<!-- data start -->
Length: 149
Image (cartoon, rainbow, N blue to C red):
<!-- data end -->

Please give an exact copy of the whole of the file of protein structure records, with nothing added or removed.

Length: 149
Image (cartoon, rainbow, N blue to C red):